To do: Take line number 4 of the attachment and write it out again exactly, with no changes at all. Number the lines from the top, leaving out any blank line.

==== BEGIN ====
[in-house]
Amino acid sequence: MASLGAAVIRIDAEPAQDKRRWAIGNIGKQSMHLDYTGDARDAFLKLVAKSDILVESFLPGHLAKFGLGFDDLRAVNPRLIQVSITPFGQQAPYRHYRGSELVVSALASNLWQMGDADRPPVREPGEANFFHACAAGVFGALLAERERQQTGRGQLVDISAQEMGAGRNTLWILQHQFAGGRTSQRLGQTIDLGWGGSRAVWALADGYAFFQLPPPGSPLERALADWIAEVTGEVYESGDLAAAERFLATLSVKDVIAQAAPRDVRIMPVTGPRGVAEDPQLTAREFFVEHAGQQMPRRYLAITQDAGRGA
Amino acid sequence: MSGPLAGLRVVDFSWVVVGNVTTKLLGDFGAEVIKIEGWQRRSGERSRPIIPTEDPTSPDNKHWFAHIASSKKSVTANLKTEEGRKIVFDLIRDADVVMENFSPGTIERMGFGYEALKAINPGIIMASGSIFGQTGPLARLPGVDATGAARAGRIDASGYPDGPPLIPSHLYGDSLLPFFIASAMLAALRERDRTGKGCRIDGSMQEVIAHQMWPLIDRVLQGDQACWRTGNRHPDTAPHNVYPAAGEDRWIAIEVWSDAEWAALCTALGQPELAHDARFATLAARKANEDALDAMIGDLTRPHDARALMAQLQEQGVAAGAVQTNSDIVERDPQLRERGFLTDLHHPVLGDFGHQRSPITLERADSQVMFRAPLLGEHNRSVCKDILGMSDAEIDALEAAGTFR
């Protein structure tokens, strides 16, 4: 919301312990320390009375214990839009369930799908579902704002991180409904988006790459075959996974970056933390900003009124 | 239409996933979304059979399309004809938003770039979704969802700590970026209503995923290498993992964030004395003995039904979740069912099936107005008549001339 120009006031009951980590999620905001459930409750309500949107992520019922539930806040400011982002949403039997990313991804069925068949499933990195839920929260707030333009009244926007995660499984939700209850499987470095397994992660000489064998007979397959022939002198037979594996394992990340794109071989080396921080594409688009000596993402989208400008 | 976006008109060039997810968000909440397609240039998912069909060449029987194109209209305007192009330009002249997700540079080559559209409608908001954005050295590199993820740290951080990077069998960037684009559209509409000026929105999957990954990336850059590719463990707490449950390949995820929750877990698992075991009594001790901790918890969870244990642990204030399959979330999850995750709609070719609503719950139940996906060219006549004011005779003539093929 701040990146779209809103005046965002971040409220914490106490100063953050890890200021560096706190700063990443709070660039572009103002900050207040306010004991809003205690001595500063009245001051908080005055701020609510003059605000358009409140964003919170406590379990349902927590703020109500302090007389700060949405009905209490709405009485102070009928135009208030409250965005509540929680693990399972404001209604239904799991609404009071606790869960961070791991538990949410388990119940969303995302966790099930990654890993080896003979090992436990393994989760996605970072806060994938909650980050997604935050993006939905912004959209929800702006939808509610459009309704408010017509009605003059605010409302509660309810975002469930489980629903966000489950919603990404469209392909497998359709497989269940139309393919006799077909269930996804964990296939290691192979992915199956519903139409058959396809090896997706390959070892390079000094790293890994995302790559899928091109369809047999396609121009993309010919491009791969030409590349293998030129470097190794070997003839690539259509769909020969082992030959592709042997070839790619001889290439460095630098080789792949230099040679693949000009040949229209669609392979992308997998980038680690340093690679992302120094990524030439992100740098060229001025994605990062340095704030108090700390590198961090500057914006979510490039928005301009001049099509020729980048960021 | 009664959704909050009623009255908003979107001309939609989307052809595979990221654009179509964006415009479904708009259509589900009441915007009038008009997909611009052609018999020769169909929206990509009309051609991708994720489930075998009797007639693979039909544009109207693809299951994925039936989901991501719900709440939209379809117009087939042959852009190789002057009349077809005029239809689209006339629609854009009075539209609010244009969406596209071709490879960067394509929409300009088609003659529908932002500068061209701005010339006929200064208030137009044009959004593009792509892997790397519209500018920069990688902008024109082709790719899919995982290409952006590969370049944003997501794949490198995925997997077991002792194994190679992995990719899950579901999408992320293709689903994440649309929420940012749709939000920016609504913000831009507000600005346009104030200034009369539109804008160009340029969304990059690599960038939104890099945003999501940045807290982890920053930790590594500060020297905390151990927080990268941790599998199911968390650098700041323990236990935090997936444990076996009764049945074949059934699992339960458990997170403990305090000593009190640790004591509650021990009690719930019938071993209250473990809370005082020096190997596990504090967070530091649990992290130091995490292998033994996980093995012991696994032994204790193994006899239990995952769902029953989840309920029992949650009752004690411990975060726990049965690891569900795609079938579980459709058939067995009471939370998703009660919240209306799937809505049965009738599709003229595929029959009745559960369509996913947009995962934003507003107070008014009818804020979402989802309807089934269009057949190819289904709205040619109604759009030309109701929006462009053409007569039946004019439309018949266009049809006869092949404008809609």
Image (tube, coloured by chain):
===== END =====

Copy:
């Protein structure tokens, strides 16, 4: 919301312990320390009375214990839009369930799908579902704002991180409904988006790459075959996974970056933390900003009124 | 239409996933979304059979399309004809938003770039979704969802700590970026209503995923290498993992964030004395003995039904979740069912099936107005008549001339 120009006031009951980590999620905001459930409750309500949107992520019922539930806040400011982002949403039997990313991804069925068949499933990195839920929260707030333009009244926007995660499984939700209850499987470095397994992660000489064998007979397959022939002198037979594996394992990340794109071989080396921080594409688009000596993402989208400008 | 976006008109060039997810968000909440397609240039998912069909060449029987194109209209305007192009330009002249997700540079080559559209409608908001954005050295590199993820740290951080990077069998960037684009559209509409000026929105999957990954990336850059590719463990707490449950390949995820929750877990698992075991009594001790901790918890969870244990642990204030399959979330999850995750709609070719609503719950139940996906060219006549004011005779003539093929 701040990146779209809103005046965002971040409220914490106490100063953050890890200021560096706190700063990443709070660039572009103002900050207040306010004991809003205690001595500063009245001051908080005055701020609510003059605000358009409140964003919170406590379990349902927590703020109500302090007389700060949405009905209490709405009485102070009928135009208030409250965005509540929680693990399972404001209604239904799991609404009071606790869960961070791991538990949410388990119940969303995302966790099930990654890993080896003979090992436990393994989760996605970072806060994938909650980050997604935050993006939905912004959209929800702006939808509610459009309704408010017509009605003059605010409302509660309810975002469930489980629903966000489950919603990404469209392909497998359709497989269940139309393919006799077909269930996804964990296939290691192979992915199956519903139409058959396809090896997706390959070892390079000094790293890994995302790559899928091109369809047999396609121009993309010919491009791969030409590349293998030129470097190794070997003839690539259509769909020969082992030959592709042997070839790619001889290439460095630098080789792949230099040679693949000009040949229209669609392979992308997998980038680690340093690679992302120094990524030439992100740098060229001025994605990062340095704030108090700390590198961090500057914006979510490039928005301009001049099509020729980048960021 | 009664959704909050009623009255908003979107001309939609989307052809595979990221654009179509964006415009479904708009259509589900009441915007009038008009997909611009052609018999020769169909929206990509009309051609991708994720489930075998009797007639693979039909544009109207693809299951994925039936989901991501719900709440939209379809117009087939042959852009190789002057009349077809005029239809689209006339629609854009009075539209609010244009969406596209071709490879960067394509929409300009088609003659529908932002500068061209701005010339006929200064208030137009044009959004593009792509892997790397519209500018920069990688902008024109082709790719899919995982290409952006590969370049944003997501794949490198995925997997077991002792194994190679992995990719899950579901999408992320293709689903994440649309929420940012749709939000920016609504913000831009507000600005346009104030200034009369539109804008160009340029969304990059690599960038939104890099945003999501940045807290982890920053930790590594500060020297905390151990927080990268941790599998199911968390650098700041323990236990935090997936444990076996009764049945074949059934699992339960458990997170403990305090000593009190640790004591509650021990009690719930019938071993209250473990809370005082020096190997596990504090967070530091649990992290130091995490292998033994996980093995012991696994032994204790193994006899239990995952769902029953989840309920029992949650009752004690411990975060726990049965690891569900795609079938579980459709058939067995009471939370998703009660919240209306799937809505049965009738599709003229595929029959009745559960369509996913947009995962934003507003107070008014009818804020979402989802309807089934269009057949190819289904709205040619109604759009030309109701929006462009053409007569039946004019439309018949266009049809006869092949404008809609």